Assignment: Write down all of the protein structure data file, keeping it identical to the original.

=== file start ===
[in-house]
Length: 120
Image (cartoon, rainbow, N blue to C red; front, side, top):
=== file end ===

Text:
[in-house]
Length: 120
Image (cartoon, rainbow, N blue to C red; front, side, top):